These are my rules for shopping:
Avoid Big Sales
A big sale can mean big price cuts with ample product. It can also mean hundreds of tired, frustrated people, staff included. Big sales with big crowds can make shopping an awful experience. Also, it puts your decision making skills in jeopardy, because of flash marketing. When someone says "limited time" offer to me, I inevitably hear "scam." I would suggest shopping the night before the sale. You might still get the markdowns advertised if they've been priced out early. Otherwise, shopping after the sale will vastly limit your available merchandise, but usually the discounts remain or become even greater.
A true sale shopper knows to peep into the store every once in a while and check for markdowns. This has been called "predatory shopping." I consider it a retail version of chicken. This is my most loved version of shopping. It's like the thrill of the hunt with delayed gratification.
Note: If you have to attend a huge sale, wear sensible, easily removable shoes and clothes. Every year, I attend Madison, WI Maxwell Street Days. I have gone with my aunt before. She wears a long, flowy skirt and a neutral colored tank top, so she can try on clothing without a dressing room. That woman is a master. Also, treat the sales people with respect. I have witnessed a sales clerk recoil after she turned down a coupon. She seemed to be expecting me to take a swing at her. Don't make someone's job more difficult, because you feel crowded and frustrated. She didn't make the coupon rules. Which reminds me, always have them at least scan in your coupon. Don't let them just guess it doesn't work.
It's Not On Sale Unless It's At Least 50% Off
Clothing and accessory markup is ridiculous. The prices you see on the tags can have up to a 300 percent markup. Here is a link to a short article on the subject. I don't really consider something on sale unless it is at least 50% off. For example: Buy One Get One 50% Off is not a sale. Do the simple math; that's 25% off, and marketing is forcing your hand into a second unnecessary, over-priced purchase.
It's a good idea to keep an eye out for when sales happen. Right now, Winter Coats are on sale. Here is a list from Lifehacker for the best times to find anything in 2011. On a closer to home note, I know that Younkers sale prices are stepped percentages off: 65%, 70%, 75%, 85%. After that they are price marked. I also keep an eye out around stores I frequent for an additional 50% off sale prices.
Predict Your Future Needs
My friend Ciera and I were wandering the mall yesterday. (And yes, I got so exhausted from the trek, I wanted to sleep in the car back home.) I lost my mind for a second and stopped right in the middle of asking her if she needed a winter coat to remember she was moving to North Carolina in May and will possibly never need a winter coat again.
Knowing what you'll need twelve months down the line is important when you're sale shopping. Usually, the best deals can be found right after the season is over. Buy swimsuits in September and winter coats in March. Then, hope and pray you stay the same size.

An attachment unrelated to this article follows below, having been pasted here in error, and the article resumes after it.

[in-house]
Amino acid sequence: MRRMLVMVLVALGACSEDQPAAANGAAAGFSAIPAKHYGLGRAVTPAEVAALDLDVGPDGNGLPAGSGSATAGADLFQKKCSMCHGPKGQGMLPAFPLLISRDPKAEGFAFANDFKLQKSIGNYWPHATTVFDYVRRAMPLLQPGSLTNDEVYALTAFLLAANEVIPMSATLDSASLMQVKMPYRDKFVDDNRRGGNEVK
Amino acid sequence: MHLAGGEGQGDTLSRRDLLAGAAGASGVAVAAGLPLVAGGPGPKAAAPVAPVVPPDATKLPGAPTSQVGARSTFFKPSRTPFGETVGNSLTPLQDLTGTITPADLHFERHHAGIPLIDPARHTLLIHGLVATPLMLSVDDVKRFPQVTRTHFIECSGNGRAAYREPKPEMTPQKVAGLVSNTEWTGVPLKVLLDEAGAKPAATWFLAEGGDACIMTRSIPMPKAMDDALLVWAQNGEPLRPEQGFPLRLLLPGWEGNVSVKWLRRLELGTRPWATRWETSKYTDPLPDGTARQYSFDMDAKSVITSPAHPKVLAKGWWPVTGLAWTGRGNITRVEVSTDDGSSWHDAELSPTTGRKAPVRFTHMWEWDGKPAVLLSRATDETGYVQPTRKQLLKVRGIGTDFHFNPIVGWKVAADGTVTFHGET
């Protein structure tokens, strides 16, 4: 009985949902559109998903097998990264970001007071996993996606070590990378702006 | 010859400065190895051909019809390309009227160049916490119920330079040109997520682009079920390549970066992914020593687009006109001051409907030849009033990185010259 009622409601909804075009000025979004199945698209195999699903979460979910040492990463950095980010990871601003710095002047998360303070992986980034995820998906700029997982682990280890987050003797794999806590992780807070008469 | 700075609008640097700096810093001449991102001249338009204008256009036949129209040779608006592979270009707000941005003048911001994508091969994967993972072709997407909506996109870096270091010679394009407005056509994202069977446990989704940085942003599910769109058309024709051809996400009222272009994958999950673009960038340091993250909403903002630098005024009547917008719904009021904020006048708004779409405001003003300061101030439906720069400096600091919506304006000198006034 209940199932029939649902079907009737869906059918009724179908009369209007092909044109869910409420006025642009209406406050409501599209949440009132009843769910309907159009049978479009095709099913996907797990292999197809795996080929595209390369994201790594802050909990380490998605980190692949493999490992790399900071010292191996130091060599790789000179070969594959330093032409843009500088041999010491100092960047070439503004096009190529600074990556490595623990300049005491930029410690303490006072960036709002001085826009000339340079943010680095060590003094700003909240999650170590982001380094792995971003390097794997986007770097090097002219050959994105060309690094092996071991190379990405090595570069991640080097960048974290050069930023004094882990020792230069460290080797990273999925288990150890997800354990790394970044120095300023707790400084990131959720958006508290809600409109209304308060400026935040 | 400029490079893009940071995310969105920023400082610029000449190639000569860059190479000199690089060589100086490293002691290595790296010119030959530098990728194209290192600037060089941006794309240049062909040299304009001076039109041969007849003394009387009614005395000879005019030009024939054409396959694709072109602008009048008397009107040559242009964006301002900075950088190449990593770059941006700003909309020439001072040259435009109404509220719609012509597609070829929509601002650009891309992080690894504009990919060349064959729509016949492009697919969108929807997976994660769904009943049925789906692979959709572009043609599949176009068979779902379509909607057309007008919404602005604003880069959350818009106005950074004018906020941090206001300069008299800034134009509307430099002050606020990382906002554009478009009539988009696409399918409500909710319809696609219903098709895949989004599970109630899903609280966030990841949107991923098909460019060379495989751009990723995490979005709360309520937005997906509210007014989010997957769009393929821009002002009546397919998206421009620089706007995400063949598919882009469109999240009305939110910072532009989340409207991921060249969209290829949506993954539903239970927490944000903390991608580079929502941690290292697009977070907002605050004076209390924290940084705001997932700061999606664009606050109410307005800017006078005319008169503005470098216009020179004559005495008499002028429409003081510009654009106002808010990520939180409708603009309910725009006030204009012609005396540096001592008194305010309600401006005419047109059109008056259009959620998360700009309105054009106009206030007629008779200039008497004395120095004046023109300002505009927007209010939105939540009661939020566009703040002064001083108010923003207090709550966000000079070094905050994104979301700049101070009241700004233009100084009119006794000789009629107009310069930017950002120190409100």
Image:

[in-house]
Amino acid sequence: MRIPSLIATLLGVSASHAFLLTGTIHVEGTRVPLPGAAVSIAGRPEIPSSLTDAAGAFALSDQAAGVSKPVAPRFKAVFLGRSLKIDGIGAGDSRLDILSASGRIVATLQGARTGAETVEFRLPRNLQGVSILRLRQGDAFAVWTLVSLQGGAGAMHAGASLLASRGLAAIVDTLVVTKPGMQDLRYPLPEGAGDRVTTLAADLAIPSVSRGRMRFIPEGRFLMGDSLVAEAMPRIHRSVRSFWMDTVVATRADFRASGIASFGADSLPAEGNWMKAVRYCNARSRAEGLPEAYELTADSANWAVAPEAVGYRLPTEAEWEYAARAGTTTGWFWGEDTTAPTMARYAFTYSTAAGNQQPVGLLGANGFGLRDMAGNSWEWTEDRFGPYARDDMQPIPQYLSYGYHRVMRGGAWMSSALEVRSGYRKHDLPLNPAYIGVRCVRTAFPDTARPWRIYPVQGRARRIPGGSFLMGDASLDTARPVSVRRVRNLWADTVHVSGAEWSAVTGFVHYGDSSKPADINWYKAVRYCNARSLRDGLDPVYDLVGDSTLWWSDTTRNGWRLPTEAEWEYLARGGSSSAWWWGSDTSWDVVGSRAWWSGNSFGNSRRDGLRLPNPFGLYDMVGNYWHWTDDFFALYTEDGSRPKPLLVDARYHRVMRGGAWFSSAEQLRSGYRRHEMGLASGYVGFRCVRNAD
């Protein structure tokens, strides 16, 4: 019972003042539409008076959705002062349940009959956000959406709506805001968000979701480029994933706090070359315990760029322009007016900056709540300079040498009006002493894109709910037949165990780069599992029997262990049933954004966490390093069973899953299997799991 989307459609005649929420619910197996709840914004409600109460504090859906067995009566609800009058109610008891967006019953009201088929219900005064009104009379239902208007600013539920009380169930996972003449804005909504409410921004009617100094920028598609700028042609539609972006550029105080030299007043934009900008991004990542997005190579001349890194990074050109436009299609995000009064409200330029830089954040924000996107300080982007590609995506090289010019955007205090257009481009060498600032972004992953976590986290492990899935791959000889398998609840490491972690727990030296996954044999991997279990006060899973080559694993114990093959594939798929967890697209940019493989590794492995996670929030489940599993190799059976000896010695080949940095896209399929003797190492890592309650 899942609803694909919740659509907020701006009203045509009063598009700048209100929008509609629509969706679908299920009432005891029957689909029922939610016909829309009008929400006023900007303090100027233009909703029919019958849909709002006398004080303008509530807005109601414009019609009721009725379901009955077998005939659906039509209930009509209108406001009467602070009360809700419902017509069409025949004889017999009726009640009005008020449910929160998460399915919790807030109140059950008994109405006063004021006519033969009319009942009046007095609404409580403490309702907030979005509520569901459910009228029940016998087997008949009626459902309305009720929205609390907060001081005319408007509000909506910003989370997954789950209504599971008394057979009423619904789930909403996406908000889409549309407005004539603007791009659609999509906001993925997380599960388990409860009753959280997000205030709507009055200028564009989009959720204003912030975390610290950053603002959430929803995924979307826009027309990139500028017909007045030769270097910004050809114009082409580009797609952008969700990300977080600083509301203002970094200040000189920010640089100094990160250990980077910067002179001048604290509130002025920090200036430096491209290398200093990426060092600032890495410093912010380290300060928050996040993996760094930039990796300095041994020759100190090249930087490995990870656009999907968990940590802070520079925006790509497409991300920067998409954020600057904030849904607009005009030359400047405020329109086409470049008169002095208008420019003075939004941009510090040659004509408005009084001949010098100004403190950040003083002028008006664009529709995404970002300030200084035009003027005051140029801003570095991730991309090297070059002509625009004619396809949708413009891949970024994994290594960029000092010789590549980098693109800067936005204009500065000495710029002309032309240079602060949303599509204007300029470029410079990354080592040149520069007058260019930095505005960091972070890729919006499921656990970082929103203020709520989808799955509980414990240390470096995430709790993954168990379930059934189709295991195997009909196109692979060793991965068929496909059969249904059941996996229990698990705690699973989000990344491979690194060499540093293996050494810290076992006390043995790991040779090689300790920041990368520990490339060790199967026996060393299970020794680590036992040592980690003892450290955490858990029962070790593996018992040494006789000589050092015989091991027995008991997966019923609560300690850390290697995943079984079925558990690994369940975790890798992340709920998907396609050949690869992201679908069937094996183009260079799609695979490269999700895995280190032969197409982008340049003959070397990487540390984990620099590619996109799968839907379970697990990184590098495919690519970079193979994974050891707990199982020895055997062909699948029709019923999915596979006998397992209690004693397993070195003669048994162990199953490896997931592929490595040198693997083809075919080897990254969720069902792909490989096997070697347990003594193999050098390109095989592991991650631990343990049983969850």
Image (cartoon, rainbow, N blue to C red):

If It's Not Marked Down, It Isn't On Sale
This is a rule that isn't always a true. Sometimes I do find nice sales where entire racks of seasonal clothing have been price marked at say $49.99 for a winter coat that's MSRP is $240.00.
But, most of the time - especially at places like Kohl's - entire racks of items are "marked down" from absurd prices to almost acceptable prices. This once again is marketing; don't let yourself be fooled. Do the simple math and compare the numbers. If something seems steep, it probably is. (This is also why I don't like Kohl's.)
Try On Everything
When I comb the racks, I generally ignore sizes. I feel like a lot of what is available, that is marked down, that doesn't suck has been sized incorrectly. A lot of people shop by saying, "I am a size 6 and only a size 6." In that case, their stubbornness can be your gain.
Pick out everything you like the looks of and try it on. Don't be too obsessed with what doesn't fit you. Be more aware of what actually does. Standardized sizing in the clothing industry is a joke.
Always Search for Defects
The other likely reason that something is on sale that is acceptable looking is that the item in question has a defect. Search for poor sewing, weirdo darts, pulled threads and stains.
When I actually do go thrift shopping, I'm always looking at coats. I learned the hard way to always check the arm pits. The last thing you need is strange, floppy fabric annoying your under arms.
Buy What You Want
This is crucial, and possibly the most important advice I can give shoppers. Buy items you would buy at their MSRP. Do not convince yourself that you want something just because it is on sale. If it has weird darts, is incorrectly sized and is dyed the most heinous color imaginable... but it's 99% off, don't buy it unless it's cheaper than wash rags and your kitchen needs a good scrub. Knowing something was cheaply priced is not enough to make anyone want to wear something she hates. Plus, consider the space in one's closet valuable real estate. Don't lease space to something that doesn't work.
You Can't Choose What You Love
I do want to add that if you love something, and you can afford it, I say go for it. I still think about a soft leather, red pair of ballet slippers I hovered over for three months when I was a senior in high school.
You Can't Love Everything
At the same time, when you're sale shopping and have good enough body image, everything looks cute or at least is tolerable. Understand what you already have and recognize whether or not you would be filling a hole in your closet. Avoid duplicates if you can.
Wear Nude Undergarments
This one may seem a little silly, but it's important. A day of shopping can be ruined by a blue bra.